The brain mass commonly is increased (1.6-1.8 kg), but the increase is definitely a function of time on the respirator (Schneider 1970; Walker 1985).
Depending on the primary cause of ischemia and time on the respirator, the following macroscopic changes are observed: a distinct swelling of the total brain (Fig. 15.1a); the cerebrum may be well-preserved and gray-colored (Fig. 15.1b) or a nondescript friable or mushy mass; the swollen and congested cerebral hemispheres have a dusky hue; the
Fig. 15.1a-c. Gross external findings in respirator brain. a Extreme brain swelling (autopsy specimen); b the external surface may be well preserved, and is gray colored with indications of different regional no-reflow phenomena (formalin-fixed specimen); c distinct indications of herniation with uncal and tonsillar necrosis are seen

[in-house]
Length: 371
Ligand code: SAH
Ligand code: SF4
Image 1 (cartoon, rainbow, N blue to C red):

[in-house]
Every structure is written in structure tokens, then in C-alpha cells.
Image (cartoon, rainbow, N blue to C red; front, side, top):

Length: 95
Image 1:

Fig. 15.1a-c. Gross external findings in respirator brain. a Extreme brain swelling (autopsy specimen); b the external surface may be well preserved, and is gray colored with indications of different regional no-reflow phenomena (formalin-fixed specimen); c distinct indications of herniation with uncal and tonsillar necrosis are seen leptomeninges often show a quantitatively different extent of congestion and fibrin precipitation as an indication of different regional no-reflow phenomena (Fig. 15.1b); transtentorial herniations are com mon (Fig. 15.1c). Gross sections of the brain show a lead-colored, grayish cortex, a partly extreme compressed ventricular system, and sometime focal hemorrhages in white and/or gray matter, which is demonstrated in Fig. 15.2a, b in comparison with a normal-colored edematous brain section after formalin fixation. The brain stem is often torn and is characterized by congestion and hemorrhages; the softened herniated cerebellar tonsils are commonly necrotic (Fig. 15.3b), with necrotic tissue of tonsil-lar cerebellum lodged along the spinal cord anywhere from the cervical segment to the cauda equina (Fig. 15.3c-e). This phenomenon is considered characteristic of brain death lasting more than 36 h (Schneider and Matakas 1973) and may be one neu-ropathologic-diagnostic sign of brain death (Sayer et al. 1981). In addition, hemorrhagic softening of the upper few segments of the cervical spinal cord occurs, but is often overlooked if that part of the cord is not dissected. In about 10% of cases, the cut sections appear grossly normal, but in more than half of brains the white matter is edematous and soft (Fig. 15.3f).
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